- An effective tool to use during the Exchange Stage – and throughout Bargaining – is called the "Probe."
- The Negotiator's Probe is an open-ended question that gets the other side to reveal information, move, explore options and generate creativity.
- Probes should be carefully constructed, succinct and on-point.
- Probing questions include the "who, what, when, why, where and how" questions.
- Probing shows concern for the other side's interests, and has the beneficial side effect of building trust.
- You know a Probe is effective when it isolates real areas of concern.
- When Probing you must be an active listener. Listening carefully to the answers given after a Probe can reveal hidden fears and objections. It is important to be aware of these early in the process.
- Probing builds rapport and strengthens trust.
To ensure you are more collaborative and less confrontational with your questioning, see yourself using probing to:
- Challenge yourself to look at solutions from a different point of view
- Stay in the state of curiosity longer to sort out where others are coming from
- Probe deeper into motivations, perspectives, real interests, experiences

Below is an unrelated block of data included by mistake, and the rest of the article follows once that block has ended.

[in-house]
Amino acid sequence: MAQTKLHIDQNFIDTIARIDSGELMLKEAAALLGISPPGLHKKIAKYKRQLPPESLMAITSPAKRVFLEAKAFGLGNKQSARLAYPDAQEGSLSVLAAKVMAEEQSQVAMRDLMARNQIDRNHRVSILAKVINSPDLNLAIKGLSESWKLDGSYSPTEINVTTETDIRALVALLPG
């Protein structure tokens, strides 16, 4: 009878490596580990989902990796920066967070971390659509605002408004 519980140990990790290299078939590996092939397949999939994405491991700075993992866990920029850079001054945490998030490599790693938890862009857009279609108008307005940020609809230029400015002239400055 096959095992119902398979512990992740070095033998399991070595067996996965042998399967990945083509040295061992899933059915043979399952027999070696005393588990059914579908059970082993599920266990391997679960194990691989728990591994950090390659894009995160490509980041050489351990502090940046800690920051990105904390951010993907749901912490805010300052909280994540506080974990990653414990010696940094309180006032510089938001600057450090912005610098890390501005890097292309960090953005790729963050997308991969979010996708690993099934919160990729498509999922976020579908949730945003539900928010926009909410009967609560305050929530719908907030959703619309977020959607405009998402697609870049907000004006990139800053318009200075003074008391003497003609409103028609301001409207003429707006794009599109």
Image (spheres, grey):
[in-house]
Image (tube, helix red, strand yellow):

- Bring the unspeakable question to the surface
- Challenge the status quo to move the conversation to the next level
- Create mutually beneficial options
- Build on what is being said and take it one or two steps further
- Engage with people at a deeper level
Probing takes place predominantly in the Exchange Stage and in the Bargaining Stage. This chart shows the different uses of the Negotiator's Probe in these stages:
|Probing in Information Exchange
|Probing in Bargaining
|Uncovers hidden fears and objections so you can tackle them before emotions erupt
Logic makes you think – emotions make you act; We decide based on emotions and logically defend a decision later
|Opens up opportunities for creative concessions
|Allows you to assess likeability, competency, and trustworthiness of the other side
|Informs your concession pattern
|Demonstrates authenticity – shows that you
- Are sincerely interested in understanding the other side’s needs and satisfying them
- Are fully engaged and willing to put in the effort to reach agreement
- Have done your homework and are not to be fooled
|Can be in the form of a Crunch – response to an offer that does not counter the offer, but still gets other side to move off the current position and make a concession
|Discovers the other side’s interests
|Confirms or denies assumptions
|Answers your “Don’t Knows,” including who from their side has authority to commit or approve
|Tests your assumptions and allows you to correct theirs
|Creates opportunities for trades that get you closer to your MDO
|Makes clear whether interests and goals are aligned
|Creates value (solutions address interests)
|Informs any adjustments to your Most Desired Outcome, Goal and Least Acceptable Alternative
|Discover value (options become apparent)